Public health officials say the societal costs – in health care, social services and lost productivity – far exceed the cost of replacement. They say corrosion controls that limit lead exposure can and do fail, pointing to human and systemic errors that sparked the water crisis in Flint, Michigan, where thousands of people were exposed to high levels of lead in their drinking water.

“That’s the problem with lead pipes: They unexpectedly release lead into drinking water,” said Roya Alkafaji, who leads an initiative to reduce lead contamination in water at the Environmental Defense Fund, a national advocacy group. “I don’t think putting off the problem is the solution.”

According to a 2023 analysis by Ronnie Levin, a lecturer at Harvard’s TH Chan School of Public Health, the benefits of replacing lead pipes outweigh the costs by a ratio of 35:1.

Using the EPA’s estimated $335 million annual cost of the Trump rules, which include water sampling, corrosion control measures, inventorying and replacing lead pipes and education, Levin’s analysis shows that $9 billion in annual health costs could be avoided. Another $2 billion could be saved through improved infrastructure and reduced corrosion damage to equipment. The wide range of health-related costs has previously been ignored in analyses of the true costs of leaving lead pipes in place, said Levin, a former EPA scientist.

Estimates put the cost of replacing the nation’s lead pipes at between $46 billion and over $90 billion, well over the $15 billion provided in the bipartisan infrastructure bill. The Biden administration has called these funds a down payment, 49 percent of which will be grants or repayment loans allocated based on the estimated number of lead pipes per state. Other funding programs may also be used.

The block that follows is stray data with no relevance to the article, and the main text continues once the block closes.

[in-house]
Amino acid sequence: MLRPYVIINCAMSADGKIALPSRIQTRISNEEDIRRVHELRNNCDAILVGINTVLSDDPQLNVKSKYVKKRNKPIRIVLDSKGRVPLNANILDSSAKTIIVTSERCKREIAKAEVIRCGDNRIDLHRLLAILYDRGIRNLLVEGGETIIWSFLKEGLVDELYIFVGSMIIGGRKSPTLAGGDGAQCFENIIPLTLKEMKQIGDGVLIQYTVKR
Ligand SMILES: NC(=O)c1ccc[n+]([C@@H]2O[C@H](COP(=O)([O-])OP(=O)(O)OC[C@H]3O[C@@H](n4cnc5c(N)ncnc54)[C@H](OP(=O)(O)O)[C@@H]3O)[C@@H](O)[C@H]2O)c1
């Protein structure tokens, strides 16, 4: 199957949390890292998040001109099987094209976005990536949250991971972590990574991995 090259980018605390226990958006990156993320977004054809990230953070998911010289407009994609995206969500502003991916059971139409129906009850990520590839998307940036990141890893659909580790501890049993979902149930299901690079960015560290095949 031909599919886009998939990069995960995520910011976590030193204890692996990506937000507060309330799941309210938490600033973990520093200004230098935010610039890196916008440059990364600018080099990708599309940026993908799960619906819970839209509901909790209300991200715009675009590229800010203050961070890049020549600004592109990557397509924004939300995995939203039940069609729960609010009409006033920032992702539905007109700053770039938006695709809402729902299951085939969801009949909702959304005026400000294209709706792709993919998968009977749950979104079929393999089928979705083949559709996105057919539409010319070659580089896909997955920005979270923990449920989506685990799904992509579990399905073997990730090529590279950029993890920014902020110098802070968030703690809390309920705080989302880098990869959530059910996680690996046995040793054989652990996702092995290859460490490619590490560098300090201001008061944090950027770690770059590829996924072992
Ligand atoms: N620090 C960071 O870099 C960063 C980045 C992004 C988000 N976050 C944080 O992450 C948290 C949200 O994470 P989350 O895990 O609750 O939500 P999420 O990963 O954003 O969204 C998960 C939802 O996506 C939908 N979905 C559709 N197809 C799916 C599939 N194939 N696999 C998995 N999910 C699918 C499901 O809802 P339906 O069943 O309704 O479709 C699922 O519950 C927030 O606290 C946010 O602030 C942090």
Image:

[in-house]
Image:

Replacement costs vary widely by location, with average costs ranging from $4,700 per service line (EPA’s 2019 estimate) to $12,500 (Via’s utility industry group assessment).

Carolyn Berndt, director of sustainability at the National League of Cities, said funding issues could make the EPA’s 10-year timeline unrealistic. While her organization encourages local leaders to raise as much funding as possible, the funds available will not be enough to cover replacement costs in some communities — especially in poorer areas that often have older infrastructure and more lead pipes.

Some direct costs could be incurred by homeowners, such as replacing the pipes that connect their water meters to their homes. And there could be indirect costs to people if utilities increase their customer rates to offset the costs.